It's easy to blame the teacher, but in retrospect, I really regret not taking some time to learn the basics, even if I had to do it on my own. This would have saved me some sleepless nights and a lot of frustration later on.
After I graduated I decided to start to work as a freelancer. Guess what type of work I was getting more often? *dramatic dun dun duuuuuun!* Websites. However, this time I had a trump card up my sleeve, so I though. You see, I learned Flash in my Graphic Design BA and I was pretty comfortable with it, and that’s how I was making the websites. It did the trick, but it wasn’t the most efficient tool for the job, any change or addition to each website would take me a lot of time and patience.
Fast forward to 2012 and I wasn’t designing websites anymore, I was taking advantage of all the things I learned to do in Flash tough, making interactive resources in the multimedia department at a big publishing company in Portugal. At the same time I started attending my Illustration and Animation Master’s degree classes, where one was actually programming. To be honest, I never really understood what programming had to do with animation or illustration but now I’m thankful that I had that class. The teacher was really good, he was clearly passionate and knowledgeable about coding and that transpired in the way that he taught. Thanks to him I finally learned something about coding (made a game on my own #proud) and had my resistance to learning how to code being completely overshadowed by a sudden spark of interest and curiosity.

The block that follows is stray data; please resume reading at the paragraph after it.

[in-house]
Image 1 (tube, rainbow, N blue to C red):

Back to the present, I realise that this class was the turning point, after this experience code stopped being an untamed mythical beast to become something much more approachable, and I think that helped me become a better designer.
With this new interest I managed to find solutions for problems that I would be incapable to fix in the past. A good example was the challenge of creating multi-resolution assets with the least amount of effort possible.
After some digging around online, I managed to find and tweak to my specific needs a script that would create all the assets with one single click. This was a real time saver. Luckily, nowadays, our design tools have advanced to a point where they also provide such functionality, but a few years ago that wasn’t the case, and knowing how to interpret and adapt code saved me a lot of time and work.
This is just one example of the many little improvements that a few lines of code can create in your life, but the thing that I came to value the most as a designer is being able to actually understand the development possibilities and restraints. If you don’t have a basic idea how things are made, you’ll be designing blindly.
You’ll see the devices that you’re designing for as some kind of magic boxes and you might have a hard time communicating with the people that are making the "magic happen". If you know absolutely nothing, you won’t have any arguments if a developer just tells you that something is impossible to do.
Should you code?
Designer or not, I think everyone should dip their toes in this water.
What I consider dipping your toes is essentially learning the very basics of a simple programming language and how a website goes from a few lines of code to something visual.
Let’s pretend that coding is card magic, this is when you teach someone how one magic trick is done and that someone realises that it’s all about misdirection and sleight of hand, nothing supernatural.